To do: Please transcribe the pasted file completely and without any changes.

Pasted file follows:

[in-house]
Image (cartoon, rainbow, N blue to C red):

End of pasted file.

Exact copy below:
[in-house]
Image (cartoon, rainbow, N blue to C red):